TTAB Finds Applicant’s Effort to Register gTLD as a Trademark .SUCKS

In the aftermath of the Supreme Court’s “Booking.com” decision, the US Trademark Office continues to grapple with the protectability of domain names as registered trademarks.  Earlier this year, the Supreme Court held that under certain circumstances a domain name containing a generic word may be a protectible trademark, rejecting the per se rule that had […]

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Generic.com marks must be shown distinctive to be deemed registrable

Our blog entry earlier this year discussed the “Booking.com” decision, in which the US Supreme Court struck down the per se rule that a generic mark followed by .com was not registrable under any circumstances.  That blog entry cautioned that the news may not be as good as may first appear. Recent interpretation of the Booking.com […]

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Control Over Creation Is the Hallmark of Copyright Ownership in a Sound Recording

A common issue among musical artists and others involved in the recording process is identifying who owns the copyright in a sound recording that is the result of contributions from many individuals, including headline artists, instrumentalists, background singers, producers, recording engineers, and others.  Typically, such issues will be governed by contracts signed by the participants […]

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The Supreme Court Rejects Rule Barring Federal Registration of “Generic.com” Trademarks

For many years, the Trademark Office has refused registration to marks consisting of a generic word combined with a top-level domain, such as “.com,” on the grounds that the combination of two generic elements cannot create a protectable mark.  The rationale for this nearly per se rule was that such marks could not be protected […]

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Recovery of Attorneys’ Fees in Copyright Cases Remains Subject to Case-By-Case Analysis

The availability of attorneys’ fees for prevailing parties in copyright cases has been a hot issue for several years, and I have commented on recent developments on several occasions. This week, the Seventh Circuit issued an opinion making clear that the applicable analysis remains grounded in a fact-intensive, case-by-case approach.  Timothy B. O’Brien LLC v. Knott, […]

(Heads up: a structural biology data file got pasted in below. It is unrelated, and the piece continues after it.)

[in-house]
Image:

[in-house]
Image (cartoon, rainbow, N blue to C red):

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Mistakes in Copyright Registration Cause Verdict in Fabric Case to Unravel

Accelerating a recent trend, the Ninth Circuit has held that misstatements in a copyright application may invalidate a resulting registration and jeopardize an infringement verdict based on the registration.  

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The Supreme Court Clarifies the “Government Edicts Doctrine” to Strike Down a Claim of Copyright in Annotations to Georgia Statutes

When does the law belong to the People, and when does it constitute private property?  If the law is not subject to copyright protection and is free for all to copy and use, why is that, and how wide is the scope of that doctrine?

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Federal Judge Dismisses Artists’ Suit Over 2008 Universal Studios Fire

A federal judge in California has dismissed a class action lawsuit against Universal Music Group arising from a 2008 fire that destroyed an undetermined number of master recordings from artists including Tom Petty, 2Pac, Nirvana, and others.  Most of the other artists who were originally part of the suit, including Soundgarden, Steve Earle, Tupac Shakur, […]

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Ninth Circuit Provides Copyright Win to Led Zeppelin in Important En Banc Decision

In a highly anticipated decision, the United States Court of Appeals for the Ninth Circuit, sitting en banc, reversed a prior panel opinion (Skidmore v. Led Zeppelin, 905 F.3d 1116 (9th Cir. 2018)) that had held that a new trial was required in a high-profile copyright case involving “Stairway to Heaven,” one of the most […]

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Supreme Court Leaves Door Open to States’ Piracy of Copyrighted Works in Blackbeard Case

In Allen v. Cooper, No. 18-877, slip op. (U.S. March 23, 2020), the Supreme Court held that a 1990 statute permitting copyright holders to sue States for infringement was unconstitutional under the Eleventh Amendment and sovereign immunity.

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